9. My name is Ed. I was born in Chicago, Illinois. My family moved to Rochester in 2000. I am a Senior at West Irondequoit High School. I was chosen to be a Link Leader for the incoming Freshmen. I enjoy being outdoors in which led to my interest in clean water management. I am on the Varsity Swim team. My favorite stroke is freestyle. My interests include ultimate Frisbee, making money, and camping. I am an avid sports fan. Some of my favorite teams are the Buffalo Bills, Chicago Blackhawks, and the Chicago Fire. I pursued taking four years of Science in high school so that it would prepare me for continuing my higher educational goals. I am interested in the following Science fields, Natural Sciences, Environmental and Water Resource Management. I hope to improve my understanding of physics.
  10. Hey Everyone my name is Jman612 and I'm writing to tell you about myself. I'm a student at West Irondequoit High School and I'm going into my senior year. I will be graduating in 2015. I'm a big fan of soccer and football. I play soccer and I watch football(Favorite team-Buffalo Bills) and I love to talk football. I've been to Canada, Mexico, Dominican Republic, Jamaica, and I have plans to go to Aruba or Belize next year. That's a basic run of me and my life guys, thx for reading.
  11. My strategy for solving any projectile motion problem. You need to split the variables in to the x and y directions and solve for time. Sounds simple and it really is, usually. Content Times: 0:11 Review of Linear Motion Examples 0:57 Introducing Projectile Motion! 1:48 Basic strategy for solving any projectile motion problem 2:06 The y-direction (UAM) 3:22 The x-direction (constant velocity) 4:36 How many knowns do you need in each direction? 5:41 What do we usually solve for? 6:12 The Review [url="http://www.flippingphysics.com/projectile-motion.html"]Want Lecture Notes?[/url] Next Video: [url="http://www.flippingphysics.com/projectile-motion-problem-part-1-of-2.html"](part 1 of 2) An Introductory Projectile Motion Problem with an Initial Horizontal Velocity[/url] Previous Video: [url="http://www.flippingphysics.com/complicated-vector-addition.html"]A Visually Complicated Vector Addition Problem using Component Vectors[/url] [url="http://www.flippingphysics.com/give.html"]1¢/minute[/url]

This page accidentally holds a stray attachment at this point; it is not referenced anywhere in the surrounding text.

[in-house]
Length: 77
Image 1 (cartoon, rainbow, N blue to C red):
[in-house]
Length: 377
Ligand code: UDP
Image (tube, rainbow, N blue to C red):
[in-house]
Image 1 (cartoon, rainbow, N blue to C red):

12. Name: Introduction to Projectile Motion Category: Kinematics Date Added: 22 May 2014 - 04:44 PM Submitter: Flipping Physics Short Description: None Provided My strategy for solving any projectile motion problem. You need to split the variables in to the x and y directions and solve for time. Sounds simple and it really is, usually. Content Times: 0:11 Review of Linear Motion Examples 0:57 Introducing Projectile Motion! 1:48 Basic strategy for solving any projectile motion problem 2:06 The y-direction (UAM) 3:22 The x-direction (constant velocity) 4:36 How many knowns do you need in each direction? 5:41 What do we usually solve for? 6:12 The Review View Video